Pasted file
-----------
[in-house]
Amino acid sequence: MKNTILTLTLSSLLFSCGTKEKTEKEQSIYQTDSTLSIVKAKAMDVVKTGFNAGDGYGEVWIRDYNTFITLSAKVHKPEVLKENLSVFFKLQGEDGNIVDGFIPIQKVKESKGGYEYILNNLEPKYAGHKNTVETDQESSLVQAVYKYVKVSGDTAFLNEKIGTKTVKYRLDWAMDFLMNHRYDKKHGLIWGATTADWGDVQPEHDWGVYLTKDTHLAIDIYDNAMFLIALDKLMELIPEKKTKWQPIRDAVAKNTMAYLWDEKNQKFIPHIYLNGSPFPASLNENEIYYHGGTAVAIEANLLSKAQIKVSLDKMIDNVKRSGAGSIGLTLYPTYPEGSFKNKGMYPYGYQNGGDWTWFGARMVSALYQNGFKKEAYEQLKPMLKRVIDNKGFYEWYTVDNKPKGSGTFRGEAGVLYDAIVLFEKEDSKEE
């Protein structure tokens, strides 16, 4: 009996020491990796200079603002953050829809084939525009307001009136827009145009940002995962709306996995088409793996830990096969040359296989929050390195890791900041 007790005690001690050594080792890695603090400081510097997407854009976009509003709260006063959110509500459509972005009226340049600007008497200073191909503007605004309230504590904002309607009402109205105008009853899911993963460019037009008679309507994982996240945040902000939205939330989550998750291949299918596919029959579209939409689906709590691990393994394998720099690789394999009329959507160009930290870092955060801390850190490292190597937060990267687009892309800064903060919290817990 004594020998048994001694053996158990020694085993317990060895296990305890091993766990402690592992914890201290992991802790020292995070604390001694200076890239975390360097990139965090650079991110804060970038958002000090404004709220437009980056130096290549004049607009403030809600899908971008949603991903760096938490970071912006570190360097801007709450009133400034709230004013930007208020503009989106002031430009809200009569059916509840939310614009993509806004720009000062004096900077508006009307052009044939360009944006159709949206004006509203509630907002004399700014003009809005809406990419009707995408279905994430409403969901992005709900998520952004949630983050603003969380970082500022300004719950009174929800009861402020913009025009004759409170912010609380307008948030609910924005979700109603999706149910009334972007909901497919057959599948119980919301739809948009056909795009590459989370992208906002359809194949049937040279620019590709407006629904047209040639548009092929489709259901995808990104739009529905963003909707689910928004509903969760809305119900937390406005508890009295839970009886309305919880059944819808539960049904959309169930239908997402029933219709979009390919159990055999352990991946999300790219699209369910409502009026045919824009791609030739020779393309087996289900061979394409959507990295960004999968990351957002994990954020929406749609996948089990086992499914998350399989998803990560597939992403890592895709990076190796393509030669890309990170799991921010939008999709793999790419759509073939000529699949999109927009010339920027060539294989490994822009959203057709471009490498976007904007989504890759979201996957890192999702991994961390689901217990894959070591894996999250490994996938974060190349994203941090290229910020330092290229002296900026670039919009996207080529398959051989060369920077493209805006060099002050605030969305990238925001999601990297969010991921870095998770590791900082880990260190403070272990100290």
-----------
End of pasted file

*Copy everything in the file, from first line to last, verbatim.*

[in-house]
Amino acid sequence: MKNTILTLTLSSLLFSCGTKEKTEKEQSIYQTDSTLSIVKAKAMDVVKTGFNAGDGYGEVWIRDYNTFITLSAKVHKPEVLKENLSVFFKLQGEDGNIVDGFIPIQKVKESKGGYEYILNNLEPKYAGHKNTVETDQESSLVQAVYKYVKVSGDTAFLNEKIGTKTVKYRLDWAMDFLMNHRYDKKHGLIWGATTADWGDVQPEHDWGVYLTKDTHLAIDIYDNAMFLIALDKLMELIPEKKTKWQPIRDAVAKNTMAYLWDEKNQKFIPHIYLNGSPFPASLNENEIYYHGGTAVAIEANLLSKAQIKVSLDKMIDNVKRSGAGSIGLTLYPTYPEGSFKNKGMYPYGYQNGGDWTWFGARMVSALYQNGFKKEAYEQLKPMLKRVIDNKGFYEWYTVDNKPKGSGTFRGEAGVLYDAIVLFEKEDSKEE
């Protein structure tokens, strides 16, 4: 009996020491990796200079603002953050829809084939525009307001009136827009145009940002995962709306996995088409793996830990096969040359296989929050390195890791900041 007790005690001690050594080792890695603090400081510097997407854009976009509003709260006063959110509500459509972005009226340049600007008497200073191909503007605004309230504590904002309607009402109205105008009853899911993963460019037009008679309507994982996240945040902000939205939330989550998750291949299918596919029959579209939409689906709590691990393994394998720099690789394999009329959507160009930290870092955060801390850190490292190597937060990267687009892309800064903060919290817990 004594020998048994001694053996158990020694085993317990060895296990305890091993766990402690592992914890201290992991802790020292995070604390001694200076890239975390360097990139965090650079991110804060970038958002000090404004709220437009980056130096290549004049607009403030809600899908971008949603991903760096938490970071912006570190360097801007709450009133400034709230004013930007208020503009989106002031430009809200009569059916509840939310614009993509806004720009000062004096900077508006009307052009044939360009944006159709949206004006509203509630907002004399700014003009809005809406990419009707995408279905994430409403969901992005709900998520952004949630983050603003969380970082500022300004719950009174929800009861402020913009025009004759409170912010609380307008948030609910924005979700109603999706149910009334972007909901497919057959599948119980919301739809948009056909795009590459989370992208906002359809194949049937040279620019590709407006629904047209040639548009092929489709259901995808990104739009529905963003909707689910928004509903969760809305119900937390406005508890009295839970009886309305919880059944819808539960049904959309169930239908997402029933219709979009390919159990055999352990991946999300790219699209369910409502009026045919824009791609030739020779393309087996289900061979394409959507990295960004999968990351957002994990954020929406749609996948089990086992499914998350399989998803990560597939992403890592895709990076190796393509030669890309990170799991921010939008999709793999790419759509073939000529699949999109927009010339920027060539294989490994822009959203057709471009490498976007904007989504890759979201996957890192999702991994961390689901217990894959070591894996999250490994996938974060190349994203941090290229910020330092290229002296900026670039919009996207080529398959051989060369920077493209805006060099002050605030969305990238925001999601990297969010991921870095998770590791900082880990260190403070272990100290």